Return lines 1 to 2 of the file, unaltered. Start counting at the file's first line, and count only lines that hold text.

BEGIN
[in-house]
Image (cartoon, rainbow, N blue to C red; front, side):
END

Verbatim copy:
[in-house]
Image (cartoon, rainbow, N blue to C red; front, side):